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The Meeting

I get a text that starts something like this. “Hey, would you do me a favor . . . ” The conversation continues and I’m asked if I would be willing to give this person their 1 year sobriety tag. I respond with “Of course, I’d be honored.” I’m given the location, date, and time of the meeting.

The meeting is a ways out and I was asked if I would be willing to say a few words when the time comes. I do a fair amount of public speaking to groups of all shapes and sizes but this one, I have to admit, had me a little nervous. This is a group of people who have their PhD in street smarts, BS, strength, forgiveness, and they can tell right away if you’re being sincere or not.

I wondered what I should talk about . . . Do I talk about how I watched this person grow up and do some amazing things with their life. Do I talk about the dark times when they stumbled, fell, and almost left us for good?

In typical Lee fashion, I decide to wait and see what fills my head and heart the day of the meeting and I’ll share that.

I didn’t expect to get some help with what I was going to say that day, but I did, and it brought tears to my eyes. I received a message from this person’s mother, with her thoughts and I was given her blessing to share that with their child.

On the day of the meeting, I arrive early and walk down stairs. I’m in plan clothes and when I’m not working, I dress more like I’m going to a Tom Petty concert than a off duty cop. No cop boots, weapon logo hat, basketweave belt, etc.

I’m greeted by a big man with an even bigger smile. I tell him why I’m there and he says I can sit anywhere. I take my seat and wait for my friend.

My friend shows up and the meeting starts. They take care of some housekeeping issues and we begin. I sit quietly in my chair and listen to amazing stories of pain, suffering, loss, faith, healing, forgiveness, and humility. I’m honored to be in the presence of such vulnerability without any judgment.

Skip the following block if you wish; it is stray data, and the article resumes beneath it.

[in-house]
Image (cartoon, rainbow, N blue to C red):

It’s my friends turn to be honored and I stand next to them. I’m sweaty, my throat is dry, and my eyes are not. I share a little and then I read what their mom wrote. They receive their 1 year tag and we sit back down.

The meeting is over and I head for home . . .

My friend texts me and thanks me for being a part of their day. I remind them of what a big accomplishment this is and how proud I am of them. They said I could write about this if I wanted, but to keep in vague, and I’ve been sitting on this post for quite sometime. I wanted to share it, but also be respectful of the privacy of the meeting and it’s members.

I decided to share it after making sure it was vague and here’s why. I want my friend to see this and know how proud and honored I am to call them a friend. I know how hard they’ve worked and it’s not gone unnoticed. I also want this to maybe make its way to someone who knows they have a problem, but don’t know where to start or maybe feel unworthy of forgiveness and change. Trust me, you’re worthy!

We have meeting times and locations posted in our lobby as well as some pamphlets that are free for anyone. If you have a smart phone, you can also download apps for meetings in your area.

To my friend . . . I’m proud of you, you’re an inspiration and my door is always open.

Stay safe,


This post was originally published on December 11, 2018 on Kenyon Police Department’s Facebook page.

Lee Sjolander
Chief of Police
Kenyon Police Department, Minnesota